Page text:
In 1856 James Alexander Holden established a leather and saddlery business on the corner of King William and Rundle Streets in Adelaide, South Australia. in 1885 it combined with the carriage builder Henry Adolf Frost to became the famous "Holden and Frost". In 1910 Holden & Frost began trimming motor vehicles and in 1914 they built their first one off car body for an imported Lancia chassis. Larger contracts followed but ironically the first major contract was for Dodge bodies (a later competitor).
By 1917 the Australian government had placed an import embargo on complete vehicles, the First World War having almost entirely involved Britain's industry, and German U Boat Captains were doing their best to ensure that very few cargo ships leaving North America reached their intended destination. These conditions, combined with the need to save valuable cargo space, restricted imports to chassis and forced local vehicle agents to look to local firms to provide the bodies.
In 1919 Edward Wheeldon Holden registered "Holden's Motor Body Builders" as a separate company specialising in car bodies. At the time they built bodies for Overland, Chevrolet, Durant, Hupmobile and Dodge, and by 1923 they were producing over 12,000 bodies per year. In 1924 "Holden's Motor Body Builders" became the sole Australian body builder for General Motors vehicles and had an output of over 22,000 bodies (over 11,000 for GM) in 65 different body styles.
The famous "Lion and Stone" symbol was designed in 1928 by George Rayner Hoff, and represented the legend of man's invention of the wheel. It was subsequently fitted to all Holden bodies and, although undergoing minor changes over the years, remains to this day. During the 'Great Depression' in 1930, production fell from 34,000 units per year to a mere 1651 and, in 1931, General Motors
were able to buy the entire Holden's Motor Body Builders and merge it with their North American operation to form General Motors - Holdens.
This move was not entirely motivated by taking advantage of the company when it was at an all time low but was mainly occasioned by the Australian government freezing the currency so that money couldn't leave the country during the depression. The money to pay GM in the United States for the previously imported chassis was trapped in Australia and so was used to finance the buy out which in part took the form of swapping the ordinary shares held by 1550 Australian shareholders in Holdens Motor Body Builders for 561,000 6% 1 pound preference shares (ie: 6% of the value of their shares each year) in the new company.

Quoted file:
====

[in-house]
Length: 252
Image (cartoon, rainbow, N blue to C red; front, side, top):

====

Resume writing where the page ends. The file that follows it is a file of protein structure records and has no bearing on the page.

This made the paid up capital of the new company 561,000 pounds Australian capital (37% of the total) and 965,800 pound U.S. capital (63% of the total). In addition there was tension between the Australian operation and the United States with management in the United States complaining "Amazing people these Australians; they just won't do as they're told" (Inness Randolph head of General Motors Australia to Larry Hartnett in 1929) and a merger/takeover was also a way to solve this little problem.
In 1934 Larry Hartnett (later Sir Laurence Hartnett) was sent to Australia by GM as Managing Director of the Australian company with a directive to either make it profitable or close it down. Fortunately Hartnett respected the resourceful nature of the Australian operation and stated "The economies achieved by Holden's at Woodville put them, in many ways, years ahead of the rest of the world in manufacturing techniques. The resourcefulness and initiative of the Australians in this industry is beyond praise."
By 1935 the world economy had strengthened and under the leadership of Larry Hartnett GM-H lifted production to 23,129 bodies and a profit of 650,000 pounds. The company also introduced the "Sloper" to the world which was the fore runner of the hatchback and led the rest of the world in producing the first all steel bodies.
In 1936 Larry Hartnett began planning the complete production of a "wholly Australian car", however another World War intervened, with the (Menzies) government of the time putting these plans on hold. After the war the Government asked for proposals from any local company for production of a complete car - and General Motors Holdens were the only company to reply.
On September 20, 1944 Sir Laurence Hartnett and Mr Jack Horn of General Motors - Holdens made a presentation entitled "Australia - GM's Performance and Results - Manufacture of Complete Motor-Cars in Australia" to the Executive Post War Planning Committee of General Motors in New York. This meeting gained approval in principal for GM-H to commence the process of designing and building an Australian car.
A major production which was rehearsed for 3 weeks in New York and involved 18 stenographers, 7 photographers and photographic reproduction men, 2 statisticians plus experts from GM finance, materials and manufacturing divisions all with the aim of convincing the committee of approving the project in principal, it was finally approved in November 1944.
But it almost did not eventuate, with the US deciding that it would not invest in Australia (despite making hefty profits from its Australian operation) and only when the Commonwealth Bank came up with 2,500,000 pounds and the Bank of Adelaide came up with the balance of 500,000 pounds did the project finally get off the ground. Today, almost every generation X Australian would have owned or driven a Holden at some time and the company can rightfully claim to be 'Australia's favourite Car'.